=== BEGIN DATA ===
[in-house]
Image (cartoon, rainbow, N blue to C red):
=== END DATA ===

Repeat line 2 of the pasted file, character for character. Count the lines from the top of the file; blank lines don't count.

Image (cartoon, rainbow, N blue to C red):